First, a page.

Profile: Ernest Crichlow (1914-2005)

Ernest Crichlow was an American social realist artist.

Early life and career

Crichlow was born in Brooklyn, New York, in 1914 to Caribbean immigrants. He studied art at the School of Commercial Illustrating and Advertising Art in New York and New York University. Crichlow started work as an artist in a studio sponsored by Works Progress Administration’s Federal Art Project. Augusta Savage was an early patron of his work, as was the case for many of the artists of the Harlem Renaissance.

Career

His first exhibition was in 1938 in the Harlem Community Center in Harlem, New York. One of his best known works, the lithograph Lovers III shows a young black woman being harassed in her bedroom by a member of the Ku Klux Klan. Crichlow’s work was exhibited in the 1939 New York World’s Fair and in the Library of Congress the following year.

Over the next few decades, his work was regularly shown in leading US art galleries especially in the northeast although he held two exhibitions in Atlanta University in the 1940s. By the end of his career, his work had been honored by President Carter. His 1967 painting White Fence showing a young white girl being separated by a fence from five black girls was the most notable from his later career along with a 25 panel mural at Boys and Girls High School in Brooklyn.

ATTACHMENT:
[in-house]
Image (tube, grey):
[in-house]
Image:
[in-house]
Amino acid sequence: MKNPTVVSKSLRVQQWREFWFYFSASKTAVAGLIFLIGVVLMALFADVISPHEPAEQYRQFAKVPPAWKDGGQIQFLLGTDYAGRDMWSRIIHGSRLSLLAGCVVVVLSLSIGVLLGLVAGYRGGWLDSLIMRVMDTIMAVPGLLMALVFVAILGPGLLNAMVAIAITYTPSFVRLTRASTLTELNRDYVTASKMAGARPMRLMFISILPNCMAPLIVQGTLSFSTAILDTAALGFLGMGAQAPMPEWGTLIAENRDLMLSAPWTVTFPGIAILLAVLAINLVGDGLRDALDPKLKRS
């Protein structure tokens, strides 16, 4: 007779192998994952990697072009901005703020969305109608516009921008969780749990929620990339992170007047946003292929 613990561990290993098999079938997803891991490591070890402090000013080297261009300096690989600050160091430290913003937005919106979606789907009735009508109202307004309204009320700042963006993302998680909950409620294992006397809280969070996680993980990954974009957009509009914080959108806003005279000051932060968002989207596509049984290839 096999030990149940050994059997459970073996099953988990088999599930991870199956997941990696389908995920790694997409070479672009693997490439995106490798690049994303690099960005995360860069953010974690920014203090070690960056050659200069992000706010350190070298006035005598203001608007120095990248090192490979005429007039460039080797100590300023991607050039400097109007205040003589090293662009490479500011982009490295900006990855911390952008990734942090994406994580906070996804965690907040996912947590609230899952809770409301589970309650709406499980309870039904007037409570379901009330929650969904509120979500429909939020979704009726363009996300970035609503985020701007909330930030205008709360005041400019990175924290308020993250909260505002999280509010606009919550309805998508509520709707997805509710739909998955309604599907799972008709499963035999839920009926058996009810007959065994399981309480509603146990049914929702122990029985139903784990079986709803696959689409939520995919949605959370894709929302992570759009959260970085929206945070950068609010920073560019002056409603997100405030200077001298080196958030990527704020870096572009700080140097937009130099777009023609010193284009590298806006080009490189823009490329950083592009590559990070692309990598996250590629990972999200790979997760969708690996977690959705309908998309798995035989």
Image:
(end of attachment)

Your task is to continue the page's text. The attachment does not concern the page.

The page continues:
Crichlow was also well known as an illustrator for children’s literature providing art work for Two in a TeamMariaLift Every Voice and Magic Mirrors. He founded the Cinque Gallery in 1969 with Norman Lewis and Romare Bearden as well as teaching art at New York University and the Art Students League.

A resident of Fort Greene, Brooklyn, Crichlow died of heart failure on November 10, 2005.

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